In 1965, two social scientists, Robert Rosenthal and Lenore Jacobson, walked into an elementary school in California. After administering psychometric tests, they informed the teachers that they had successfully identified the “growth spurters”—the students who were most likely to “bloom” academically. The test proved accurate when, a year later, these “growth spurters” indeed blossomed. The greatest change happened for the youngest students (first and second graders)—21 percent of these “spurters” showed a gain of at least 30 IQ points, and 79 percent showed a gain of at least 10 IQ points.
But here’s the catch. The test was fake. Unbeknownst to the teachers, the “growth spurters” were selected by the two researchers at random. So the only real difference between the “growth spurters” and the rest of the students was in the minds of the teachers.
This groundbreaking study offers clear evidence of the Pygmalion Effect—the phenomenon that expectations become a self-fulfilling prophecy. It has since been demonstrated in sports, in the military, and in the workplace.
Put simply, what we expect from others influences what we get from others, for better or worse.
It’s time to expect more from leaders
Think about a time when someone’s belief in you made all the difference, even if you weren’t at your best.
I’m curious who this person was for you. When leading workshops or coaching individuals, I find most participants think of a teacher or a family member. Every so often, someone will describe a current or former work manager, sharing how their manager’s belief in them catapulted their success.
The notion of the bad boss who brings us down is ubiquitous, but this doesn’t have to be the case. Organizations must have higher expectations for managers and others in formal and informal leadership roles, as leaders who lift others up, unlock their potential, and believe in their team.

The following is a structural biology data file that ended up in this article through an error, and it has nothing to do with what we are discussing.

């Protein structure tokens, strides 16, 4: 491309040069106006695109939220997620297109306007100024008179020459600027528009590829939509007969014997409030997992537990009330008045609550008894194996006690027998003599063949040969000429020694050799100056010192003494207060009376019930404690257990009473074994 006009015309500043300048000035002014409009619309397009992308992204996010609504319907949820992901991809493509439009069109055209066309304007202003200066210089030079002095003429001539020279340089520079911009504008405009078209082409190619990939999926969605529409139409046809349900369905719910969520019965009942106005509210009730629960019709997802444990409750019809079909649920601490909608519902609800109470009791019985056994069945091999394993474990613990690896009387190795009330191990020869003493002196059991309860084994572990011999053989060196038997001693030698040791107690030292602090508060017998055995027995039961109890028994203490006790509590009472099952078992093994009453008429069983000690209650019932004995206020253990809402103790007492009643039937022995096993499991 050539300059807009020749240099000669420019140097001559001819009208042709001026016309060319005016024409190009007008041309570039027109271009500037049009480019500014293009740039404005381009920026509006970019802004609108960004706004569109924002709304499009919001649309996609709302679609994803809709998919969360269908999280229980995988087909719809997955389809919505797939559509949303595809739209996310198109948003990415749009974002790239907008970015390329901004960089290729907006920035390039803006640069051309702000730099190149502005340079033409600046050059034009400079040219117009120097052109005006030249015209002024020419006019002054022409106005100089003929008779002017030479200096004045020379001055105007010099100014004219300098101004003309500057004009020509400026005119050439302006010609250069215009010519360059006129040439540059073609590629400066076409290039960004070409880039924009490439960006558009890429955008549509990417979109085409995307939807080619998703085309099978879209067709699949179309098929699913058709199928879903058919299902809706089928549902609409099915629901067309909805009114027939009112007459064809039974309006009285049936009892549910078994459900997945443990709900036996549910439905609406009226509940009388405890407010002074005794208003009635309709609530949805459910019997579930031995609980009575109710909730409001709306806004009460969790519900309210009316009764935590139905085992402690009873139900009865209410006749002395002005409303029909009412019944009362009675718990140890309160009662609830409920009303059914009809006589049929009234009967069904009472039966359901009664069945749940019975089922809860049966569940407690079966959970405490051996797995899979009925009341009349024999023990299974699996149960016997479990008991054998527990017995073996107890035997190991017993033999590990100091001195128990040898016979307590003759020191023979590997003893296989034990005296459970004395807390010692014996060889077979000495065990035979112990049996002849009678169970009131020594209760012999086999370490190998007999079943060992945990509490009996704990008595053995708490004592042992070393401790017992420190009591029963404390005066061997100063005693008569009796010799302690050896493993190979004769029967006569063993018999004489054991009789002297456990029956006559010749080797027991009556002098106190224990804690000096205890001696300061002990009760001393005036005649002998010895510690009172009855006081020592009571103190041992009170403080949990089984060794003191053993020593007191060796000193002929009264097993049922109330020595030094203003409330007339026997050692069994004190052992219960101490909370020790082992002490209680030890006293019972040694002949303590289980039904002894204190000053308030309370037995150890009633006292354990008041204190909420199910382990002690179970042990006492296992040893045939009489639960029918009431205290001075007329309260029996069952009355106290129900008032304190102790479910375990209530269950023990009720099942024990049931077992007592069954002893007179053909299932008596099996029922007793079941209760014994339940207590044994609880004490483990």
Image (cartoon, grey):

Expecting less may be a self-fulfilling prophesy.
How to make the mindset switch
Are you someone whom others look up to (or could look to for direction)? If so, this may be written with the workplace in mind, but this also applies to you. Whether you’re a manager, a parent, a therapist, or anyone in a position to teach or guide, choosing to recognize others' strengths and potential can make a huge positive impact.
We won’t like everyone we work with, and we don’t have to. But if we are in a position of formal (or informal) authority, and we can’t see a team member’s potential, they are at a disadvantage. Overlooking someone’s potential also puts us at a disadvantage, because it means we aren’t acting in a way that sets our team up for success.
Although this mindset represents one of the simplest ways to unlock others’ capacity, simple doesn’t mean easy. Most managers I’ve worked with report one or two people with whom it’s especially difficult to apply this mindset of belief. Here are three suggestions to deal with that:
1. Make it relevant. Most of us are too busy to put energy towards a difficult change if we don’t see that change as important. It’s helpful if we can make the shift personally relevant and meaningful.
One way to do this, as mentioned earlier, is to recall someone whose belief in you made all the difference, even when you weren’t at your best. Recalling this person may serve as motivation to pay it forward by choosing to believe in others.
2. Watch out for unconscious bias. Because of similarity bias—the tendency to favor those most similar to ourselves—we may be more likely to overlook the potential of those who are different than us. That said, it’s critical to double-check our assumptions about those with whom we work, and not confuse opinion with fact.
3. Act as if. The Pygmalion Effect doesn’t mean that a manager’s opinions on someone’s potential can magically rewrite their future. Rather, it can be explained by the way that the manager’s thinking influences their behavior. You can behave in a way that promotes opportunities to succeed by a) communicating high expectations; b) investing resources that promote success (e.g., training, coaching, adequate support to complete a project at a high level); and c) providing feedback in a helpful way.
Believing in someone’s capacity is easy—believing in everyone’s capacity is the work of sages. Working towards this is the type of internal work that makes leadership so personally transformative (and grueling in a good way)—when done right.
This doesn’t mean you're entirely responsible for your team’s performance, nor does it mean you have magical powers of influence, nor does it mean you can never let someone go for poor performance. What it does indicate is a subtle, simple, and important way you can stop holding others back, and start giving them a boost that enhances the chance they will blossom and bloom.
Rosenthal, R., & Jacobson, L. (1992). Pygmalion in the classroom: Teacher expectation and pupils' intellectual development (expanded ed.). New York: Irvington.